Western news coverage

The white perspective

Cultural arrogance has long been a feature of Western journalism and it continues to flourish. But can journalists really describe the world from the perspective of a Yemeni housewife, a shepherdess in Bhutan or an elderly Senegalese fisherman? By Charlotte Wiedemann

At the end of 2018, Germanyʹs Der Spiegel magazine dropped a bombshell: CNNʹs Journalist of the Year 2014 Claas Relotius, a reporter on its own payroll, had committed journalistic fraud on a grand scale, making up stories and inventing protagonists. And yet, how quickly the dust has settled!

It seems to me that a number of important questions have not even been raised. What needs were the fabricated stories meeting? Why are extremely personalised accounts of what is happening in the world being showered with awards? And where is the line between fabrication and the regurgitation of habitual legends when the white gaze zooms in on other cultures?

As far as the aforementioned needs are concerned, the narrative about the boy who launched the war in Syria gives us at least part of the answer. Even before the scandal surrounding the fabricated stories of Claas Relotius at Der Spiegel broke, countless media took up the story of the fate of the schoolchildren who sprayed slogans on walls in the city of Daraa in 2011 (and were subsequently tortured). And always these stories zoomed in on one particular boy, so that the full drama of his story could be served up as a delectable, moreish piece of journalism. The name of the boy in question changed, but he was always to blame.

In 2013, Bild told the story of Bashir and said that shells are now raining down on Syria "because Bashir did what he did". Der Spiegel told the story of Mouawiya, who has been fighting "for atonement" for seven years. Because a "stupid boy's prank" caused half a millions deaths? What kind of lunacy is that?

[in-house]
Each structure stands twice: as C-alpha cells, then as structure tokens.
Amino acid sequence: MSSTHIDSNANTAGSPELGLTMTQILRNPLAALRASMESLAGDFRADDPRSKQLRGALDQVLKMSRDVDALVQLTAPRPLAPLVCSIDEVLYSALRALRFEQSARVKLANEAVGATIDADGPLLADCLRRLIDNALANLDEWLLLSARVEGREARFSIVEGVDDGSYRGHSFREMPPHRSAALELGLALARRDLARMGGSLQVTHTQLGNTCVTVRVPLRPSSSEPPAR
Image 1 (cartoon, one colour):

What happened in Daraa in 2011 is well documented. The torture of schoolchildren surpassed everything of which people had hitherto thought the Assad regime capable; their parents' fight for justice resulted in mass protests. No one, including the West, stood by the civilian uprising. This is a hallmark of the Syrian tragedy.

It also points the finger at us. But, of course, no fingers point in our direction when the situation is portrayed as a senseless development and blamed on a child, either with real or imagined feelings of guilt.

Protesting against the Assad regime in April 2011 in Daraa, Syria (photo: AP)
Where the uprising against Assad began: what happened in Daraa in 2011 is well documented. The torture of schoolchildren surpassed everything of which people had hitherto thought the Assad regime capable; their parents' fight for justice resulted in mass protests. No one, including the West, stood by the civilian uprising. This is a hallmark of the Syrian tragedy

Fittingly for the fact that Assad has maintained his firm grip on power, an emotionally charged story of a child and his fate satiates the middle-class, very white desire to carry the weight of the evil world on our shoulders, albeit without consequences or responsibility. Oh what a dreadful place the rest of the world is!

Focussing on the individual; blocking out all complexity

This kind of dramatic composition, which does not seek to enlighten or explain, is all the rage at the moment. Focus on the individual, block out all complexity, trigger emotions, don't ask anyone to think. The blueprint for this style of journalism: explaining away Germany's austerity policy with an image of Angela Merkel.

As an attitude, as a perspective from which to view things, distance has increasingly been delegitimised in favour of a rhetorical immediacy – the alleged view from the inside – that Relotius had a great talent for faking. Is there perhaps a connection between the neo-liberal excesses of individualism, the breathless daily squeals of me-me-me when the high complexity of the rest of the world is hidden beneath personalised narrative structures? And where does the fabrication begin?